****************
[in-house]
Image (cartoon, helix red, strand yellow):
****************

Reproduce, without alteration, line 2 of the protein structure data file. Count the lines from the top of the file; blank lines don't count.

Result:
Image (cartoon, helix red, strand yellow):